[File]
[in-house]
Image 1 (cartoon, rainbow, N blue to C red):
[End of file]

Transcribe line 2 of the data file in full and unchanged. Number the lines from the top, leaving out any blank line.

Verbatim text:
Image 1 (cartoon, rainbow, N blue to C red):